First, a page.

Cryptocurrency & Blockchain Business

Mt.Gox: Court rules that creditors are entitled to receive in bitcoin rather than fiat

Mt. Gox’s former customers may—amazingly—end up with more money than they lost when the infamous bitcoin exchange collapsed into bankruptcy in 2014.

In yet another surprising turn, a court decided last week (pdf) that creditors are entitled to receive their claims in bitcoin rather than the fiat equivalent at the time the bankruptcy began. The difference is potentially worth hundreds of millions of dollars, depending on how the value of bitcoin holds up in the coming months.

Let’s recap: Tokyo-based Mt. Gox began bankruptcy proceedings in 2014 (pdf) after then-CEO Mark Karpelès realized the exchange had lost its customers’ holdings of 850,000 bitcoins, worth around $414 million. Hackers had been siphoning bitcoins out of the exchange in what became the biggest bitcoin theft in history.

Karpelès later discovered that he had misplaced some 200,000 bitcoins that hadn’t been stolen—money that has been frozen by bankruptcy estate. The rest of the bitcoins were likely converted into fiat money and probably lost for good; the US Justice Department said in July (pdf) that Alexander Vinnik had been arrested for money laundering and linked him to the hack that felled Mt. Gox.

Last week, Tokyo District Court halted Mt. Gox’s bankruptcy and started a civil-rehabilitation process, which means creditors, as they had been hoping, can be repaid in Mt. Gox’s actual assets (such as bitcoin) rather than the fiat cash they were owed in 2014.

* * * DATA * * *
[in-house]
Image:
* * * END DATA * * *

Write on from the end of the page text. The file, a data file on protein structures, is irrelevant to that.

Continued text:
Bitcoin’s stunning rally from about $485 at the time of the bankruptcy to $6,150 these days has made a big difference. Bankruptcy creditors were owed about 45 billion yen ($414 million) when the exchange imploded, but the value of the 166,344 bitcoins and 168,177 bitcoin cash, an offshoot, held by Mt. Gox’s trustee as of March (pdf) is now worth more like $1.2 billion.

Mind you, that’s down from nearly $4 billion in December as this year’s bear market grinds bitcoin steadily lower. As of March, the trustee also had 44 billion yen ($401 million) in fiat money after selling some bitcoin and bitcoin cash. In a sign of remarkably savvy market timing, the trustee sold bitcoin (pdf) between December and February when bitcoin’s rally crested at about $19,000.

As for Karpelès, he was arrested in 2015 and held in jail for almost a year on charges of embezzlement, manipulation of electronic data, and breach of trust. He’s still on trial in Tokyo, according to Fortune, but told the publication he’s glad the digital assets will go to Mt. Gox creditors via civil rehabilitation. Had a bankruptcy bonanza gone to Karpelès, it may have invited a wave of lawsuits.

A few things still have to go right for former customers to get their Mt. Gox jackpot. The size of the unexpected gain will depend on the duration of bitcoin’s latest bear market. Creditors have until October to file their proof of rehabilitation claims and a proposal plan is due by Feb. 14, 2019. Some have sold their claims to third-parties who speculated on the outcome, and so will no longer be entitled to the windfall.

Forgotten passwords could also be an obstacle: Some creditors have forgotten or deleted the credentials needed to make a claim, if chatter on the sub-Reddit for Mt. Gox creditors is anything to go by.

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